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1 December 2011 Lack of Interactions between Fire Ant Control Products and White Grubs (Coleoptera: Scarabaeidae) in Turfgrass
S. Addison Barden, David W. Held, L. C. ‘Fudd’ Graham
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Insecticides are widely used to manage turfgrass pest such as white grubs (Coleoptera: Scarabaeidae). Red imported fire ants, Soknopsis invicta (Buren) are important predators and pests in managed turfgrass. We tested the susceptibility of white grub life stages (adults, egg, and larvae) to predation by S. invicta and determined if insecticides applied for control of S. invicta would result in locally greater white grub populations. Field trials over 2 yr evaluated bifenthrin, fipronil, and hydramethylnon applied to large and small scale turfgrass plots for impacts on fire ant foraging and white grub populations. Coincident with these trials, adults, larvae, and eggs of common scarab species were evaluated for susceptibility to predation by S. invicta under field conditions. Field trials with insecticides failed to show a significant increase in white grub populations resulting from treatment of turfgrass for fire ants. This, in part, may be because of a lack of predation of S. invicta on adult and larval scarabs. Egg predation was greatest at 70% but <20% of adults and larvae were attacked in a 24 h test. Contrary to other studies, results presented here suggest that fire ants and fire ant control products applied to turfgrass have a minimal impact on white grub populations.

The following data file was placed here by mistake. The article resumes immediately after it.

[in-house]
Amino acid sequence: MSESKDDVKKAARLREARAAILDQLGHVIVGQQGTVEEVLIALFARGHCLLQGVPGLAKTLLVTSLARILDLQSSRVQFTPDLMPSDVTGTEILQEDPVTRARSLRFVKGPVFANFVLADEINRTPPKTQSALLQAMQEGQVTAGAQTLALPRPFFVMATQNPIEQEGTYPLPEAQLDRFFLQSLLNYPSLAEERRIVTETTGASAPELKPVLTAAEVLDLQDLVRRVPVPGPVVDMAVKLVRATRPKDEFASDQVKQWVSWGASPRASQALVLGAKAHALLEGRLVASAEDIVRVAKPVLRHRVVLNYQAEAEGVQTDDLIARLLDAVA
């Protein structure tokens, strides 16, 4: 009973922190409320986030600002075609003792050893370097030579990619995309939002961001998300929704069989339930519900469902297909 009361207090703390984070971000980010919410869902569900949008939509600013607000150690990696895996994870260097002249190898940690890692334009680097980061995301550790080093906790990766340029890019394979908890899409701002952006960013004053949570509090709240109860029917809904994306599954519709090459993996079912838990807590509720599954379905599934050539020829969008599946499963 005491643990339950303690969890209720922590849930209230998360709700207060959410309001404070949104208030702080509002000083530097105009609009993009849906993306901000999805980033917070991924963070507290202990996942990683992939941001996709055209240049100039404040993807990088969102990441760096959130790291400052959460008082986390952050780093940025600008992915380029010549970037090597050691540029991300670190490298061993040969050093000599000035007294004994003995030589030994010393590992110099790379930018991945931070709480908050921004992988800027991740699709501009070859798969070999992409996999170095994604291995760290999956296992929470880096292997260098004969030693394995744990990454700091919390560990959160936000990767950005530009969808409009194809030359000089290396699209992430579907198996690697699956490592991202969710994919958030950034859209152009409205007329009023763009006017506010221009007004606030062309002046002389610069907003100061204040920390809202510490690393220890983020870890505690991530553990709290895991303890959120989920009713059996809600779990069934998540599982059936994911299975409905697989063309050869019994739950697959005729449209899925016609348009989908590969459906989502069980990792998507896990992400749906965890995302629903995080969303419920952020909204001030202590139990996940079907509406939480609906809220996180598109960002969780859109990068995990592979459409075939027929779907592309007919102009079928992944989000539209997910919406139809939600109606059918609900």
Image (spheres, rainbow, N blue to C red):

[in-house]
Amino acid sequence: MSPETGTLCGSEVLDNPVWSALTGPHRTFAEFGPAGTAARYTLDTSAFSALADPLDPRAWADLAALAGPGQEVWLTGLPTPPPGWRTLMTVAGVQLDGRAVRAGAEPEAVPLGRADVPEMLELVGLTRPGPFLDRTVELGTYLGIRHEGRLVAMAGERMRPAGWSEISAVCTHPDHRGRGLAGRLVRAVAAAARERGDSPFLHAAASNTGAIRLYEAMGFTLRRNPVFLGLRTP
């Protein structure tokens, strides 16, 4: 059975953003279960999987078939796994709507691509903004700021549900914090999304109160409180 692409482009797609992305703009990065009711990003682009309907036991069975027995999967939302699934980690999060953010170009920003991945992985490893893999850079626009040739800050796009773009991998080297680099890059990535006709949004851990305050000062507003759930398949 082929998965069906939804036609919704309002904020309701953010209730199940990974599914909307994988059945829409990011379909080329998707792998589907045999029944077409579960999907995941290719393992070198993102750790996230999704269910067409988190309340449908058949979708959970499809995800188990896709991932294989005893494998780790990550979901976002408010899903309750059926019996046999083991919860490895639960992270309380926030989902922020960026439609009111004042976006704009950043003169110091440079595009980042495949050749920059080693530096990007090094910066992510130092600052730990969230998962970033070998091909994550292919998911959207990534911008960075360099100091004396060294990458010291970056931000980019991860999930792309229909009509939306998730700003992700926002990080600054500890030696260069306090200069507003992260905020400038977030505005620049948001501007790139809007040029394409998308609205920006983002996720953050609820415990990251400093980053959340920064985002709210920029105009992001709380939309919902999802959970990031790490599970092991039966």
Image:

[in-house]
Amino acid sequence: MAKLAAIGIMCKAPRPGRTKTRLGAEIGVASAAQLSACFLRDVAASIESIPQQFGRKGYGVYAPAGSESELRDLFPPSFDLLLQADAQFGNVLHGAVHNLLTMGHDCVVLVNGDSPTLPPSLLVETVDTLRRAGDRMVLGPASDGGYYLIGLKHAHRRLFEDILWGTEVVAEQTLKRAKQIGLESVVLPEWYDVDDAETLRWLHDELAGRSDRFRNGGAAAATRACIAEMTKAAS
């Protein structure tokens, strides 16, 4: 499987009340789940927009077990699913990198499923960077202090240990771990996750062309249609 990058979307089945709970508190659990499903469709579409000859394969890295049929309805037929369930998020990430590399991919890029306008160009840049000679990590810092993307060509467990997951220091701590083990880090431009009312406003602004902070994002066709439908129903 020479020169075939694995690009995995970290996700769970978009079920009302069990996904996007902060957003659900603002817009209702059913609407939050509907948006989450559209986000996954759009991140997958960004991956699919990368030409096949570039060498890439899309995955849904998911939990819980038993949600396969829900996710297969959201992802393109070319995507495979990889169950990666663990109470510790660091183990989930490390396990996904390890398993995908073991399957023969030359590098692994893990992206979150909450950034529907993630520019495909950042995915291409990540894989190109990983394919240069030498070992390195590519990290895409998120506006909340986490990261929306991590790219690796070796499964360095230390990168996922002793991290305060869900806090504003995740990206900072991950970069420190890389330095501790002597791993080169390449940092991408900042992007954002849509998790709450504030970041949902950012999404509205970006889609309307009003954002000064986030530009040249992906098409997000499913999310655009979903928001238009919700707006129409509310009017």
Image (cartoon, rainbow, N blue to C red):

©2011 Entomological Society of America
S. Addison Barden, David W. Held, and L. C. ‘Fudd’ Graham "Lack of Interactions between Fire Ant Control Products and White Grubs (Coleoptera: Scarabaeidae) in Turfgrass," Journal of Economic Entomology 104(6), 2009-2016, (1 December 2011).
Received: 26 April 2011; Accepted: 1 September 2011; Published: 1 December 2011

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